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Dunedin city councillors have voted not to impose a liquor ban in North Dunedin, while heaping praise on the process that led to the decision.
The move came at a full Dunedin City Council meeting yesterday, as councillors voted unanimously to maintain the central city liquor ban while granting students in North Dunedin a reprieve.
In early 2012, after multiple disorder and safety issues concerning student street parties, including the Hyde St keg party, the council consulted publicly on a proposal to extend the central city liquor ban to North Dunedin.
After hearing submissions, including those from students opposed to a ban, the liquor bylaw hearings subcommittee met interested parties for further discussions.
Last week, it recommended the council instead concentrate on the ''collaborative approach being developed by key stakeholders'' to address alcohol-related issues in North Dunedin and the city.
Councillors yesterday endorsed the recommendation, while allowing further consideration of extending the central city liquor ban to include neighbouring streets.
That was designed to take into account the displacement of drinking in public places to nearby areas outside the liquor ban area.
Cr Colin Weatherall, chairman of the subcommittee considering the liquor ban, yesterday said co-operation with key parties had been ''immense''.
That included the university, the Otago University and Otago Polytechnic students' associations, police and Public Health South, who all participated in meetings with the council, chaired by Cr Kate Wilson.
A staff report to yesterday's meeting said there was now ''growing momentum'' to address problems with excessive alcohol consumption in North Dunedin and across the city, in a collaborative way.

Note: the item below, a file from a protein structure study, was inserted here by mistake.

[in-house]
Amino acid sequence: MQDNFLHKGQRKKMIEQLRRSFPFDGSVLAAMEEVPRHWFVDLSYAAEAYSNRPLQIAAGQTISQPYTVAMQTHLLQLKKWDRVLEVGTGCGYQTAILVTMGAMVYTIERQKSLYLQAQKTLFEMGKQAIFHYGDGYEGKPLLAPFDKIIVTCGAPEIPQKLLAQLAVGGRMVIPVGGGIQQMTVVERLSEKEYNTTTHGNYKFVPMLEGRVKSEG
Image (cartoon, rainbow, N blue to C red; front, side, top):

Discussions were turning to strategies that could reduce alcohol-related harm across the city, the report said.
Cr Weatherall told yesterday's meeting the city might still face ''the odd fire or challenge'', but the co-operative approach was something the city could be proud of.
Dunedin Mayor Dave Cull agreed, saying the co-operation had forged new partnerships and led to a ''very positive result''.
The staff report noted alcohol problems in North Dunedin tended to be isolated to the beginning of the year and irregular times through the year.
Changes to be introduced through the Local Government (Alcohol Reform) Amendment Act were also likely to make it difficult to justify an extension, the report said.
Under the amendments, alcohol control bylaws would have to be justified by crime data, but police data showed alcohol-related offending was declining in the area that was to be covered by the North Dunedin liquor ban.
''The available information does not support the introduction of a liquor restriction under the new regime.'' the report said.